When you welcome a new employee to your team, you have already invested a considerable amount of time (and probably money) into selecting them. So, it makes sense to give them the best chance of settling into your business and contributing – they and your team are your biggest asset. At the same time, as their employer, you have significant responsibilities for how your new employee behaves in the workplace. It is critical that you have a process to cover off every expectation you have of them.

Is your onboarding kick starting a successful relationship with your new high performing team member?

Letter of Employment, the employment contract - it’s a non-negotiable.

  • Clearly outline all the details around their employment.
  • Job title
  • Status – e.g. casual, permanent, part time, trainee
  • Who they report to and where they will work?
  • Any applicable award or Agreement
  • Probation
  • Rate of pay (inclusive or ex-super) and any promised reviews
  • Any allowances
  • Hour and days of work / Work from home
  • Leave entitlements
  • Confidentiality
  • Non-solicitation clauses (if applicable)
  • Workplace safety obligations
  • Termination of employment clauses
  • Safe Work Guidelines – e.g. COVID 19

Position Description

Purpose: Why have you employed their services? How does the team member know if they are delivering on their purpose to the business? This needs to lay out what your expectations are of the employee in this role. It is attached as a schedule to the employment contract. Both you and the employee should refer to this frequently during probation, to ensure that any skills gaps that emerge are addressed with training.

Tip: When a team member changes roles, then a new Position Description should be issued.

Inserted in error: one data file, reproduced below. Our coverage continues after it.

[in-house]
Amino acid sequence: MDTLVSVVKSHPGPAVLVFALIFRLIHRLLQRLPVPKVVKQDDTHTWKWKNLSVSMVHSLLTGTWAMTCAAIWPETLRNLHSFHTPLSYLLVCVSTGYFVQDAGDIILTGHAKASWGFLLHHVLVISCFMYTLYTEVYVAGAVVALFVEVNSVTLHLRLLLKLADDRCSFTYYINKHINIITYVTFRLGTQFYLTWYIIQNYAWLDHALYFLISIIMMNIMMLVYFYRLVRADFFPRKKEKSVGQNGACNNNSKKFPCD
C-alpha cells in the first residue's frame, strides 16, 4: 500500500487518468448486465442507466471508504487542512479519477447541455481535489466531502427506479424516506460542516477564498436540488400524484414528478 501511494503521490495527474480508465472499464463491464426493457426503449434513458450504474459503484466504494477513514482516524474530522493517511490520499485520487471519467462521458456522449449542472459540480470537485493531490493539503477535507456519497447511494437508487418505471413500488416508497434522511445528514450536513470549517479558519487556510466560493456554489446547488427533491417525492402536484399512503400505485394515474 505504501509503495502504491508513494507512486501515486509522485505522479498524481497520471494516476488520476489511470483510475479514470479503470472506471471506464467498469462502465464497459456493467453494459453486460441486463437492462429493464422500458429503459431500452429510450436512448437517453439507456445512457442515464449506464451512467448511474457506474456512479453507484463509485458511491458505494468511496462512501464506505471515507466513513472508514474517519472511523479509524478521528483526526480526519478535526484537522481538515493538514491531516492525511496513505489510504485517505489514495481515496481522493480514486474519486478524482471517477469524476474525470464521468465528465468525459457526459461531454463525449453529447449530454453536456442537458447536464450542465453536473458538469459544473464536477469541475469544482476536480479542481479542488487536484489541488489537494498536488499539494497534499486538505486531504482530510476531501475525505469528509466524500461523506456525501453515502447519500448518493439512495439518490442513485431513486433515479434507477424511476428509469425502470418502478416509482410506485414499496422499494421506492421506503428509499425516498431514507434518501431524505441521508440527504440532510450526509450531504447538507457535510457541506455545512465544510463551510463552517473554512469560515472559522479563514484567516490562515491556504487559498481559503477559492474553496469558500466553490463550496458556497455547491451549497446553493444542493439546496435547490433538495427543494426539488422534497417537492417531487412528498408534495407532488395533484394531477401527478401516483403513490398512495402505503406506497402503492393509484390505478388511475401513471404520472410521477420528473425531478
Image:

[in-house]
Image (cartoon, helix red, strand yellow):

Policy and procedure manuals

Purpose: How are things done? This manual (or manuals) should detail everything that an employee needs to know about working for your business. From HR policies on uniform, how to apply for leave, expected behaviour in the workplace through to procedures on locking up the office, COVID vaccination requirements, carrying out a manufacturing process or how to post on social media , the use of virtual meetings – i.e. Zoom/Teams, for example.

Workplace safety manual: Sometimes this is included in a Policy and Procedure manual and sometimes it is stand-alone. It should clearly detail your expectations of each employee to adhere to all workplace safety requirements, including reporting any potential hazards. Any hazards and risks specific to your industry and your workplace should be addressed.

Tip: The employment contract, position description and all manuals (online and hard copy, if applicable) should be provided to the employee before they commence with you, so that they have the opportunity to familiarise themselves with their new place of work. A sign off to confirm they have received, read and understood all documentation and processes, is good business practise.

Tips on the onboard journey

1) The first day, first week, first three months in fact – are daunting for a new employee. Make a real effort to ensure they are not left floundering. An employee who feels insecure may walk out the door.

2) Welcome them, invest in them and make sure that all your team members know who they are.

3) Utilise a checklist which everyone signs off on that ensures that every aspect of their onboarding is covered.

4) Starting with setting up payroll, provide them with the tools to succeed from the beginning. This will vary from safety equipment to laptops, server access, an email address, and so on.

5) Set up a schedule for the rookie to spend time with those people from whom they need to learn their role.

6) Remember, it is not just about their role: they also need to know about your company, your values and your culture of respect.

7) Employees will be your future ambassadors if they are empowered to immerse themselves into what you stand for, in order to fully contribute to the business. It is also the branding, your colours, the products, your client service expectations. Explain why you have certain rules and requirements, rather than just demanding them.

8) A thorough induction and orientation provides a solid basis for developing team members who will be productive, effective and want to live your business every day.

9) Ticking off all the legal aspects of employment will help protect you from workplace wrangles and possible legal actions down the track.